Look, don't go blaming the people if they see they aren't getting what they need. That's Democracy for you, like it or not.

              Don't blow smoke up their ass with "oh, but you see although the rest of the world can deliver affordable care, here it's impossible because, hm, er, the people making a profit off the Insurance/Pharmaceutical Interests actually count in our Democracy, and, well you don't. That's just realism, baby."

              And then expect the party to grow instead of shrink. Both parties are dying. Both parties, completely subservient to monied interests, are failing us.

              Let's not pretend we are Beltway Insiders who have to bow to what our Betters tell us is all that's possible.

              I mean, if you want to live in a meaningful Democracy. Maybe you're doing just fine, but I got to tell you I hardly meet or talk to anyone who is.

              Including the still-crushing Health Insurance costs.

              Actual Democrats: the surest, quickest, route to More Democrats. And actually addressing our various emergencies.

              by Jim P on Sun Aug 18, 2013 at 11:00:18 AM PDT

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    •  Wrong categories: possible and impossible. (1+ / 0-)
      Recommended by:
      Joe Bacon

      The rest of the industrialized world, and even some "third world" nations have tamed or eliminated insurance costs AND give their populace coverage which they can actually afford to use.

      The ONLY reason it was deemed 'impossible' by our Democratic politicians was because the campaign contributions from Pharma, Medical, Insurance, etc plus future careers in those industries would be at risk.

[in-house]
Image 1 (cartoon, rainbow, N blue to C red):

Now if you want to say "it's impossible because our political leadership is spiritually and economically captured by Big Money" you might have a point. And certainly a more realistic basis for discussing the matter than using the assumptions of the DC version of Stockholm Syndrome.

      Very serious leverage on members of Congress existed then, existed before, exists today, and will exist tomorrow. Especially if Democratic Leadership had insisted on a way for voters -- and that's still who wins elections, btw -- to bypass the current insurance scam.

      If the President and Congressional Leaders had made that their one-note message the voters WOULD have turned out in 2010. Obviously, because to this moment they're still being crushed by insurance and medical costs. Medical costs they often can't afford even with insurance.

      Turnout was down because "Change" had been taken out to the back-40 and shot. As proven in the secret deals with Pharma and Hospitals, etc.

      So you've got the sequence all out of order.

      Everything you wrote makes perfect sense within the context of the DC version of the Stockholm Syndrome.

      In terms of the objective needs of the People; in terms of the objective demands of the voters; it terms of objective economic-betterment of individuals and the nation, we have to gut the insurance industry. Not preserve it.

      The status quo is killing us.

      Now, there will be no discussion for years and years to come about health-care (and btw, we didn't come within an inch of discussing actual Health CARE in the Health Insurance debate. We still rank lowest in the industrial world for health CARE outcomes.)

      No discussions because "we've dealt with that." And what it means is 30 million people will not be covered, and who knows the exact number but I'd think a multiple of that who, having paid premiums won't be able to afford deductibles and co-pays.

      Believe it our not, the way to win elections is not to kow-tow to the Corporate Limits big money places on our political possibilities, but to actually represent the objective benefit of the nation and its people.

      Why do you think year after year more and more people are dropping identification with either Party?

      Actual Democrats: the surest, quickest, route to More Democrats. And actually addressing our various emergencies.

      by Jim P on Sun Aug 18, 2013 at 10:49:46 AM PDT